From Yucaipa, California, USA:
My son is currently two months old. He was born with several problems, including congenitive heart disease. At birth, his blood sugar was 15 mg/dl [0.8 mmol/L]. I understand that this number is extremely low. The doctors were able to bring him to a normal level immediately. My question concerns long term effects of this low of a blood sugar at such a critical time. Could there be brain damage or problems of this nature that might not be detectable until later?
A transient episode of neonatal hypoglycemia does not usually produce problems acutely or long term. You should discuss this directly with your pediatrician or family doctor since they will be able to tell you how long the problem existed, how it responded to either feeding or glucose and what the likely cause was. Newborns can have transient and severe hypoglycemia for many causes, even nonspecific ones like cardiac stress, low oxygen levels, respiratory problems, infection. Infants of diabetics often have hypoglycemia as do premature infants and even undergrown babies (SGA-Small for Gestational Age).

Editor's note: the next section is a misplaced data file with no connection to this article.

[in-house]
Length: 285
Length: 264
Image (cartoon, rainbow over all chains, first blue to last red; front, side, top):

Last Updated: Tuesday April 06, 2010 15:10:00
This Internet site provides information of a general nature and is designed for educational purposes only. If you have any concerns about your own health or the health of your child, you should always consult with a physician or other health care professional.
This site is published by T-1 Today, Inc. (d/b/a Children with Diabetes), a 501c3 not-for-profit organization, which is responsible for its contents.
© Children with Diabetes, Inc. 1995-2016. Comments and Feedback.